Rather than demonstrating the terror of the Soviet system and standing testament to the destruction of the artistic impulse, these styles are a monument to the exact opposite. Rather than symbolising the crushing of beauty, the suborning of all individuality and the collective destruction of culture itself, the art of the Soviet period can instead be seen in another light: as the era in which artistic talent and individuality succeeded and survived in spite of political realities. And that is something to be proud of and to be inspired by – a real lesson from history.

Of course a great number of the artists and architects who completed these works were ardent Stalinists, and in their minds, no doubt, the aforementioned were intended to glorify the new system – this great experiment in Communism – and its leaders. There can be no denying that; and creating tales and myths in order either to distract from the truth or to fashion some alternative reality, in which artists and writers who flourished under Stalinism can be recast as heroes, has little validity outside wish fulfilment.

Artists such as Dmitri Shostakovich have inspired entire debates among historians and admirers as to their true political beliefs – and it is true that for Shostakovich to have covertly rebelled against the destruction of Russian musical traditions before the great strength of Soviet power, as has been suggested by some, represents a good story. But in a way none of this matters – or the impact of such debates cannot be said to resonate as widely as the works themselves. And who can say that Shostakovich’s seventh symphony, dedicated to besieged Leningrad, is made more entrancing and beautiful by the knowledge that he may not have believed tenets of official Soviet doctrine? The work stands on its own merits and on its own more generally; everything else is interpretation, mere theory.

The monolithic entity which Soviet state power represented was said to have a tremendous ‘weight’; this is why I have made such frequent use of the imagery of crushing and the forced submission of the individual. Amis writes of the many millions who met their ends as the result of that weight, and he is right to do so. He writes more personally and more pressingly of how, when individuals defied the apparatus of the state, they and the Soviet Union itself – for that moment, at least – ‘weighed about the same’.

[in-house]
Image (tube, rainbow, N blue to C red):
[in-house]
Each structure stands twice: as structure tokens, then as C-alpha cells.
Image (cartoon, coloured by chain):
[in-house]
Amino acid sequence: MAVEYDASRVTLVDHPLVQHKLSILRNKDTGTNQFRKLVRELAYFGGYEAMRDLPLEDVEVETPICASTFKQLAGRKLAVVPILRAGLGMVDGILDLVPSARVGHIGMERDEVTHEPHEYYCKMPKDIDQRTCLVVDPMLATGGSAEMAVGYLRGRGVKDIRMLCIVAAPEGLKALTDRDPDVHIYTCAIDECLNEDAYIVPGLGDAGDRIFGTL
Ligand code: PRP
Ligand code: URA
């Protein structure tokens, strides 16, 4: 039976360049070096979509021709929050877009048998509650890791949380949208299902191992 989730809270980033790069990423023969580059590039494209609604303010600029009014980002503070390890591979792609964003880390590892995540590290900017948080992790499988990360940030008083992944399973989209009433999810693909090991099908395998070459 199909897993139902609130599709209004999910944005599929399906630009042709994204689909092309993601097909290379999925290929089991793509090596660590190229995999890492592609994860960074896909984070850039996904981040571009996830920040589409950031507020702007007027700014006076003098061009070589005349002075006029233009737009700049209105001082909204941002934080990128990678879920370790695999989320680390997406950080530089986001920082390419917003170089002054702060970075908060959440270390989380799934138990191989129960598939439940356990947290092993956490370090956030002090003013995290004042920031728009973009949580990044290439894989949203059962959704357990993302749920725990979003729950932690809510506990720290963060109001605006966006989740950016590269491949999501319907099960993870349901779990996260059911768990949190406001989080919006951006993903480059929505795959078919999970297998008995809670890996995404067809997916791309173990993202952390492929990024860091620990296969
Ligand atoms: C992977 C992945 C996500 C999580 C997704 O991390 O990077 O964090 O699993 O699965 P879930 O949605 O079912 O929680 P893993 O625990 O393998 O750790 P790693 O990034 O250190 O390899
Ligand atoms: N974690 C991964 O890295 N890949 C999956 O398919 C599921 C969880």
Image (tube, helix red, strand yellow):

That is an image of great power, but there were ways other than outright defiance for individual men and women to demonstrate their personhood in the face of this mechanical, impersonal force. In art, that could mean as little as being competent, in producing something, regardless of its outward political motivations, with skill and an eye for the beautiful. Though the vision of history and of the future which the sculpture Worker and Kolkhoz Woman appeared to signify has come to little, the statute itself – and the work of Vera Mukhina – is still of value, and both she and it exhibit genuine and lasting artistic merit.

Anita Pisch writes in a paper on Soviet propaganda that ‘there was no private ownership of anything, everything had to be accessed through the State and through State officials’. This fact is entirely true, and it is one of the things that was so evil about the Soviet system in general – and why it led to so much suffering and so many unnecessary deaths in pursuit of an unattainable goal. But the human spirit could not be nationalised; it could not be forced to take only party positions and party lines. One of my favourite propaganda posters from the Soviet era has Stalin sitting at a humble desk, bathed in lamp light as he contemplates some official documents. The man himself stoops diligently, attending to the great work of running the Soviet Union. Underneath this illustration is emblazoned the following: ‘In the Kremlin, Stalin takes care of every one of us’. It is asking too much, hoping too much, to imagine that the above was not printed with at least the hint a wry smile?

In this interpretation, the work of the individual can almost be removed from context. The fact of its being created is all that matters, and the intrinsic value which all art worth the name deserves – even if, in Amis’ view, it cannot be considered ‘good art’ because of its political associations – has something noble and even beautiful to it. This is monumental beauty, but it is also an individual triumph; and that ironic note, which survives the Soviet Union and continues into the current century, is something to be appreciated and even relished.